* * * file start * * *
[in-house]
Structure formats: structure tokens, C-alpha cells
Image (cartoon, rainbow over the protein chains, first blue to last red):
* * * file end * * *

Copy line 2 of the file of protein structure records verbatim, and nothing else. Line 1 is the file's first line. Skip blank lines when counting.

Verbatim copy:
Structure formats: structure tokens, C-alpha cells